The Niagara News is the community newspaper of Niagara College located in Welland and Niagara-on-the-Lake, Ontario, Canada. It is created and produced by the students of the Niagara College Journalism program.
Const. Jim Davies, badge No. 9182, started in law enforcement straight out of college at 19. Photo by Michael Owen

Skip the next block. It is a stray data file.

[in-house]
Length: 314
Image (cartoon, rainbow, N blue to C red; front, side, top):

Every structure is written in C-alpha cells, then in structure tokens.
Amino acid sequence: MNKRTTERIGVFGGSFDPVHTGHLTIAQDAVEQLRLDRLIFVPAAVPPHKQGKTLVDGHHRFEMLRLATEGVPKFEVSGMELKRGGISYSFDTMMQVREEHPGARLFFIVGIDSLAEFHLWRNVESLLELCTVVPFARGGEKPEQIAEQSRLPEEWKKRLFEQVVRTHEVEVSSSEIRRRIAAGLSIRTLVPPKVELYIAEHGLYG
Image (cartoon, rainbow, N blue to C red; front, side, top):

By MICHAEL OWEN Staff Writer Afraid of unemployment? You shouldn’t be if you’re taking Police Foundations. The tentative 2009 Niagara Regional Police Service (NRP) budget offers 103 potential job openings. “It has been a long-known fact that a significant number of members reach eligibility to retire with full pensions between the years 2006 and 2008 [approx. 103],” the budget says. This is one of the reasons given for a 4.06 per cent or $4.5-million budget increase for personnel from $106.2 million last year to $108.7 million. “One hundred and three seems high,” said Mark Dirisio, 46, sergeant of recruiting with the NRP. He has been with the NRP for 27 years. “We’re preparing to process 20 [positions] for May and anticipate the same for September.” This would put the number of NRP hires in 2009 at 40, which is in line with the average of 30 to 50 new hires over the last few years to maintain a service of 680 officers. “I feel quite well about it. It’s all job security,” said Alex Stewart ,21, a second-year Niagara College student in Police Foundations, a two-year program. “You don’t go into any job to lose it after a couple of years, and there’s always going to be bad guys. It’s great knowing you have a well-paying job waiting for you.” “There’s job security right off the bat,” said Dennis Hesley, 22, a second-year student in the Police Foundations program, he plans to become a military police officer along with Stewart. “With the NRP having 40 positions, that’s amazing for our classmates. It’s an excellent opportunity to give back to the community.” Stewart estimates an additional 84 jobs are available with the military police, jobs that Police Foundations graduates can take advantage of. That would put the number of jobs available to program graduates at 124 between the NRP and the Canadian military alone. “I think first year we started with about 200 people and I think by second year about 90 dropped out, so there are still over 100 [second-year students in Police Foundations],” said German Garcia, 21, a second-year student, who plans to work in the Niagara region after graduating. He said knowing about the NRP openings makes him feel “a lot better. Guaranteed.” Police Foundations graduates who become cadets with the NRP start at $40,918. After three years of service they can become a first class constable with a salary of $75,329. “Police numbers stay stable. We’re always hiring to maintain the service,” said Dirisio. He expressed sympathy for those going into fields with low employment, but was pleased to have the pick of the litter when it comes to the Police Foundations’ graduates. “We’ve had excellent success with them.” “It’s probably the best program. Obviously they’re going to come here first,” said Garcia. “I’ve travelled all around the world, and I’ve travelled all around Canada, and I can say there’s no place like home, so I could always come back and work for the Niagara Regional Police,” said Stewart. Those interested in working with the NRP can visit http://www.nrps.com/recruiting/default.asp or call (905) 688-4111 ext. 5051.